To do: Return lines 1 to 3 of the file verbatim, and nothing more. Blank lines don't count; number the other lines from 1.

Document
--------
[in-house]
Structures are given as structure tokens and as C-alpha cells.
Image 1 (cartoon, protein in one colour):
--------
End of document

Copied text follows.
[in-house]
Structures are given as structure tokens and as C-alpha cells.
Image 1 (cartoon, protein in one colour):